The buyer typically pays the agent's fees. When you tell an agent what properties you want, you should think about any “extras” such as a pool, a garden or a covered parking facility.
To start your property search, you should first identify what price range you are looking for. The Omani riyal has typically had a higher value than the Euro and the Dollar – so make sure you really can afford a 500.000-riyal villa in Muscat Hills before you seriously start looking for a home there.
Finding and contacting an agent
The next step is contacting a real estate agent. Real estate agencies are abundant in Oman, and you should make sure that your agent is licensed and has had experience in the real estate industry. As of 2010, Oman has no real estate regulatory authority where you can easily check qualifications, but this is likely to change.
Real estate agents are useful because they have resources to make sure that due diligence is performed on a prospective property and can suggest property lawyers should you have any questions regarding contracts. A good agent will also make sure that the title deed (mulkiya) is registered correctly.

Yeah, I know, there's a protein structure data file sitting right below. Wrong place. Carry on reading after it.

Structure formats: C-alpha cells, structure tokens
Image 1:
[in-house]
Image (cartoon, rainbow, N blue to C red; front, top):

If you want an international real estate agency to represent you, Hamptons and Cluttons Oman have good reputations and a solid presence in Oman. If you want to use a local Arab agency, Noor Oman Realty and Eqarat.com Oman also have a number of listings and resources. Since there has been a large number of expatriates in the market, many estate agents will be able to speak English.
To contact an agent, give them a call or send them an email. If you need to make a pilot trip to see the properties, an agent will be able to arrange a schedule of appointments.
Purchasing a home with an agent
Once you have found a suitable property, you should meet with the seller and negotiate a price. Once the price and other terms and conditions have been agreed upon, you sign a sales agreement. Generally, a sales deposit of about 10% is made on signing the agreement.